It’s Not Complicated: Vegetable Gardening For Beginners
If you are looking for a new and exciting hobby to take up, you should give gardening a try. This post onVegetable Gardening For Beginners will help you get started growing your own vegetables and herbs which is both rewarding and fun. Plus, it’s not as complicated as you might think.
Imagine planting one tomato plant that can give you at least 10 pounds worth of fruits in one season. The flavor and the texture of the vegetables coming from an organic garden exceed the ones you can get from the store, by far. they are much sweeter – even if it’s just because you grew them yourself or can walk outside and harvest one for an evening salad. The sun and fresh air, and exercise you get from tending a garden are a plus, as well!
To get started, all you need are a few seedlings and some decent soil. However, if you want to be successful in gardening, you need to understand what it takes to keep your plants
Are you new to gardening and not sure where to begin? If you’re planning to give vegetable gardening a try, we have some simple guidelines to help you become successful with your new venture.
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Knowing What To Plant
When talking about Vegetable Gardening For Beginners, the first and one of the most important first steps is deciding what you want to grow. If you plan it right, you can get to enjoy a prosperous and beautiful garden without the need to spend hundreds of hours tending to it.
It’s best to start small. A lot of new gardeners can get too excited at the beginning and plant too many vegetables and they can’t manage them all.
Think about how much you and your family might need, what you like, and how much your family can eat. Vegetables like peppers, tomatoes, and squash can provide a harvest throughout the season. This means you may only need 1-3 for your family and you can enjoy plenty as the season goes on. Because you plant one seed but get a plant that continues to provide vegetable after vegetable from the same plant. Other vegetables like corn, carrots, and radishes only produce one vegetable per seed. So, if you plan on growing these, make sure to plant as many as you think you might need for your family.
Other easier plants to grow for beginners include:
Determining How Much Space
Once you know which plants you want to start with, you need to determine the space you need and have available in your garden. Remember,
Vegetable Gardening For Beginners isn’t complicated, it just requires a little planning.
You don’t need a large space to start with. You don’t even need a large piece of land. A balcony or a deck can provide you plenty of space by starting with a container garden.
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Choosing The Location
When determining how much space you have, you also need to consider the right location to plant your veggies.
Successful gardens need at least five hours of full sun. The temperature of the soil also keeps the vegetables growing. It can also help resist pests and diseases. Plant your vegetables in a place where you know they’ll be exposed to light most of the day.
The air flow in the location is also important. Wind can damage the crops and can also dry them out. You can place your garden next to a building, a fence or a structure. But, it’s always a balance – not too much sun, water, or wind, but, they need all three – so, the right amount of sun to grow but, not burn them, enough wind to gently keep them dry from any mold issues due to being overly wet, and enough water to thrive, but, not so much as to drown them. It all sounds like a lot but, you’ll soon know exactly what they need by how they act.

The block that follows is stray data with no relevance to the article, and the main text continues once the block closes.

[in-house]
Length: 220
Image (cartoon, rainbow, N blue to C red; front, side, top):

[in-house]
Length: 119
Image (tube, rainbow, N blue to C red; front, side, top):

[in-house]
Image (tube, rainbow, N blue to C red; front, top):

Improving Your Soil
Conditioning your soil is also an important thing to consider. If you don’t prepare the soil, your garden can have difficulty thriving.
Clear the area of weeds, dry leaves, and debris. Before you begin, rake the surface smoothly.
If your soil doesn’t contain sufficient amounts of organic material, you need to feed it. Use compost or manure to improve the fertility, texture, and drainage of the soil.
How To Know If The Soil Needs Conditioning
You don’t need to use a soil-testing kit to determine whether you need to condition the soil or not. You can manually test the soil with these three easy steps:
- Soak the soil with a hose and wait for a day. Dig up a handful of soil to test.
- Squeeze the soil hard. If water streams out, you need to add compost to improve the drainage.
- Open your hand. If the soil hasn’t formed a ball or if it falls apart even during your slightest touch, it means that the soil is too sandy. You can improve this by applying compost or organic matter.
Most vegetables are not drought-tolerant so you need to give them a drink of water, especially during dry spells.
When you are planning your vegetable garden, the closer the garden to the source of water, the easier it will be for you. You can also use a garden hose with an adjustable nozzle.
Feeding Your Vegetable Garden
Fertilizing your vegetables is important to maximizing yield. A lot of professional gardeners find using high-quality compost is all that their crops need.
Consider applying a vegetable fertilizer by following the directions on the box or bag. Don’t apply more than what is recommended as it can affect the growth of the plants.
To achieve success, it is also important to know how to maintain your veggies. Water your garden often, at least once a week. During heat spells, you might need to water more frequently.
Keep the weeds down and retain the moisture in your garden by applying mulch.
Use our Mulch Calculator to find out how much you’ll need for your next project:
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Vegetable gardening is not as complicated as you think! With proper knowledge and guidance, you will can have a bountiful harvest.
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